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The deadly attack on two mosques in Christchurch, New Zealand, in which 50 people were killed and many others critically injured, was streamed live on Facebook by the man accused of carrying it out. It was then quickly shared across social media platforms.
Versions of the livestream attack video stayed online for a worrying amount of time. A report by the Guardian found that one video stayed on Facebook for six hours and another on YouTube for three. For many, the quick and seemingly unstoppable spread of this video typifies everything that is wrong with social media: toxic, hate-filled content which goes viral and is seen by millions.
Platforms - Twitter - Facebook - YouTube - Google
But we should avoid scapegoating the big platforms. All of them (Twitter, Facebook, YouTube, Google, Snapchat) are signed up to the European Commission's #NoPlace4Hate programme. They are committed to removing illegal hateful content within 24 hours, a time period which is likely to come down to just one hour.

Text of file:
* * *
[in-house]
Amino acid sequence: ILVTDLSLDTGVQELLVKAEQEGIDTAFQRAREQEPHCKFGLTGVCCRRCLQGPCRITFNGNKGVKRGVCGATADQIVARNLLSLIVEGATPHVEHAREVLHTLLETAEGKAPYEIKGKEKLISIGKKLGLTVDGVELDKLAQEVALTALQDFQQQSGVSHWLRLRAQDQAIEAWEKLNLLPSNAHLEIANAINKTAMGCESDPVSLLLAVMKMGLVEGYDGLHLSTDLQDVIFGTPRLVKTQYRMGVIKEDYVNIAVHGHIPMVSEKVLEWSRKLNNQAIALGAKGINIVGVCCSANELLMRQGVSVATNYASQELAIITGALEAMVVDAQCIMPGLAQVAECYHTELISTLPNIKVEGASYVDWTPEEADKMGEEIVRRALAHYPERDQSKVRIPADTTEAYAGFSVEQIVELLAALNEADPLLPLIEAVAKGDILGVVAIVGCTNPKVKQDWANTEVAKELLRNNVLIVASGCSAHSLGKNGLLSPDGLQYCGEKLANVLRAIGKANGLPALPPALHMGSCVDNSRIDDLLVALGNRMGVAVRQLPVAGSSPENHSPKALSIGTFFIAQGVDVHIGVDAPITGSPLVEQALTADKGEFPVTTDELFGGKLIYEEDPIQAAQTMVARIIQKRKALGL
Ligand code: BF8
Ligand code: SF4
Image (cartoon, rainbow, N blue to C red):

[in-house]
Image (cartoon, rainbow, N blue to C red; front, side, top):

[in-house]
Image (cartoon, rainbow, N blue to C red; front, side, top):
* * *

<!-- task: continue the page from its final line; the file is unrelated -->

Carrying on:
Aside from anything else, they are aware of the reputational risks of being associated with terrorism and other harmful content (such as pornography, suicide, paedophilia) and are increasingly devoting considerable resources to removing it. Within 24 hours of the Christchurch attack, Facebook had banned 1.5m versions of the attack video – of which 1.2m it stopped from being uploaded at all.
Content - Systems - Attacks - Platforms - Challenges
Monitoring hateful content is always difficult and even the most advanced systems accidentally miss some. But during terrorist attacks the big platforms face particularly significant challenges. As research has shown, terrorist attacks precipitate huge spikes in online hate, overrunning platforms' reporting systems. Lots of the people who upload and share this content also know how to deceive the platforms and get round their existing checks.
So what can platforms do to take down extremist and hateful content immediately after terrorist attacks? I propose four special measures which...
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